Working as a peer supporter can be challenging. There are a lot of negative beliefs that still permeate our culture about what it means to live with a mental health diagnosis. Peer supporters may be working alongside non-peer staff who either don’t share their values or buy into recovery-focused practice. Co-workers may be unsure about the peer supporter’s role in the service and have concerns about education and training levels and ability to handle stress.
This can combine to create powerful messages that reinforce an individual’s doubts about their capacity to work collaboratively with others. In such situations self-care becomes even more important. However peer supporters should also remember:
- They were hired specifically to bring a different kind of knowledge into the service setting — one based on ‘having been there’. This perspective provides peer supporters and those working alongside them with a new understanding of recovery. Lived experience forms the basis of the job, and is the education from which insight and expertise is drawn.
- There is a difference between being inexperienced and being disabled or unwell. Peer supporters may have spent much of their time focusing on what you needed to do just to get by day-by-day, while many of their co-workers have been developing employment skills. This means that they may still have a lot to learn about how to develop meaningful work relationships as well as a meaningful work ethic, and this involves experiencing different types of stresses common to all workers and not unique to peer supporters.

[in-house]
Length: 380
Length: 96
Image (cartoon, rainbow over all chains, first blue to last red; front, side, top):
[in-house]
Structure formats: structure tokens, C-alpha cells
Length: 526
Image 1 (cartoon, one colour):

- Asking for help and support is a strength rather than a sign of weakness. We all have things to learn and should look for those who can help this – family, friends, coworkers, managers…
However this can make any new work experience more challenging than it usually is. Some tips to help peer workers navigate new work experiences while keeping themselves well are:
- All organisations have their own culture or ways of doing things that are simply understood. Pay attention to how people operate in your organisation to get an idea of what some of these unspoken expectations are.
- Avoid using symptoms or issues with diagnosis to excuse poor work behaviour or poor choices. Instead acknowledge the mistake and take steps to address it.
- Model personal responsibility for wellness by framing ‘setbacks’ as an opportunity to learn more about yourself and what you need.
- Remember that it is appropriate to assert boundaries around personal information. While peer supporters use personal experience to build connections with others and provide alternative perspectives; they do not have to answer questions from those they support and co-workers that they do not feel comfortable answering.
- If there are policies and practices that appear to apply to peer supporters only raise this with the relevant people – managers, HR department. They may be unaware of this. Indeed some practices meant to support peers in the workplace can actually be exclusionary or discriminatory.